An Anchorage Superior Court judge ruled Tuesday against three Homer City Council members seeking to halt a recall election next month. Council members Donna Aderhold, David Lewis and Catriona Reynolds are subjects of a recall election sparked over two resolutions they crafted and sponsored.
The American Civil Liberties Union of Alaska represented the three members and sued the city over the certification of the three recall petitions. The ACLU argued that the grounds for recall were not sufficient and suppressed their right to freedom of speech.
Superior Court Judge Erin Marston ruled that City Clerk Jo Johnson’s role in certifying the petitions was “ministerial” and the First Amendment does not protect elected officials from the recall process. Marston also added that it’s the voters who decide if the stated legal grounds for recall are sufficient, and the clerk certifies petitions if the allegations would warrant a recall if found true.
ACLU Alaska Spokesman Casey Reynolds said it’s disappointed with the ruling.
“We at the ACLU fight for free speech whenever we see it being infringed, and we saw that happening here. But we’re still reviewing the decision and its details, and we’re conferring with our clients,” Reynolds said.
He said the ACLU will decide whether to appeal the ruling within 48 hours.
City Attorney Eric Sanders said the city is pleased with the decision to put the issue to the voters.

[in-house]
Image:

“The judge evaluated some fairly lengthy briefs and oral argument, and after all of that, issued a written decision that confirmed that the clerk did in fact make the right decision,” Sanders said.
Sanders declined to comment on the potential appeal from the ACLU.
Pro-recall group and political action committee Heartbeat of Homer intervened in the case. Spokeswoman Sarah Vance explained the group wants every voter to have an equal voice at the ballot box. Vance said the group will stay active leading up to the special election.
“Heartbeat of Homer is prepared to take whatever actions necessary to ensure these three council members will no longer serve as our elected officials,” Vance said. “They’ve broken their trust with us as constituents that is beyond repair.”
Vance said the lawsuit brought against the city is further proof that the council members are unfit for office and added the group would intervene in an appeals case.
The special election is scheduled for June 13.